CUT

Too Shallow: Light is lost out of the bottom causing the diamond to lose brilliance.

Too Deep: Light escapes out of the sides causing the diamond to appear dark and dull.

The ‘Cut’ of a diamond also refers simply to the stone’s shape. The most familiar cut is the round, brilliant-cut diamond that if often found in solitaire diamond engagement rings. Others include the Princess, Emerald, Marquise, Pear and Oval cut. Antique cut diamonds include the cushion cut diamond, which is a cross between an old mine cut dating from the late 19th Century and early 20th Century and a modern oval cut. This cut is not as fiery or brilliant as many of the newer cuts, but it has a wonderfully romantic and classic look which definitely stands out from the crowd. Similarly, no old mine cut is exactly the same, thus are extremely unique and a wonderful contrast to the meticulously uniformed machine cut diamonds on offer today.

COLOUR

Colour is a decisive aspect in judging the beauty of a diamond: the whiter and more colourless it is, the more beautiful it is. For example, while many diamonds appear colourless, or white, they may actually have subtle yellow or brown tones that can be detected when comparing diamonds side by side. The colour grading scale of diamonds defined by the GIA varies from exceptional white (D) to tinted white or tinted colours.

Chart

In addition to white diamonds, coloured diamonds exist in varying intensities of yellow (the rarest being ‘canary’ yellow), blue, pink, green and even red. The desirability of coloured diamonds is dependent on several factors: the particular hue, or spectral colour of the diamond (the rarer the color, the greater the cost); the richness or saturation of the colour (ranging from very light to light to intense to vivid); and the purity of the colour (i.e. whether the colour is bright and clear, or 'muddied' by the presence of other colour-causing trace elements).

CLARITY

The clarity of a diamond is based on the number of inclusions that affect its transparency.

In the process of a diamond’s natural formation, other materials or crystals might be present, which can disrupt the refraction of light through the stone. In extreme cases, a diamond can appear dull or mottled. At the other end of the spectrum is a perfectly clear, or ‘flawless’ diamond – most valuable because of its extreme rarity.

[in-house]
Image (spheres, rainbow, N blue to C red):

Under international standards for stones, there are specific classifications of clarity.

Chart

CARAT WEIGHT

Putting on weight is highly desirable when it comes to diamonds, and carats are the measure of weight – and not of size – as is often supposed. The word "carat" is taken from the carob seeds that people once used in ancient times to balance scales. Today, one carat is equal to 200 milligrams or 0.2 grams. In the trade, a carat is also divided into 100 units called points or hundredths.

Generally speaking, the larger a diamond, the rarer it is. For example, a 4-carat diamond is worth considerably more than twice a 2-carat diamond of the same quality. But do bear in mind that two diamonds of the same weight will have different values if they are not of the same colour, clarity or cut.

Whatever the carat weight of the diamond you choose, Grays is proud of its 30 year tradition and reputation for assured quality and unsurpassable range to suit all tastes and budgets – from a Georgian rose cut diamond cluster ring to a fabulous 1940s diamond cocktail ring – Grays is your oyster.

more options